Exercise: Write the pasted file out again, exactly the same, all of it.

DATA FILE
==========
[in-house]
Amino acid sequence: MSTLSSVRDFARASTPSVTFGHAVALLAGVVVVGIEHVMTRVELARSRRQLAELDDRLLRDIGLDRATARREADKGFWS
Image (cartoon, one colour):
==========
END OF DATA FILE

[in-house]
Amino acid sequence: MSTLSSVRDFARASTPSVTFGHAVALLAGVVVVGIEHVMTRVELARSRRQLAELDDRLLRDIGLDRATARREADKGFWS
Image (cartoon, one colour):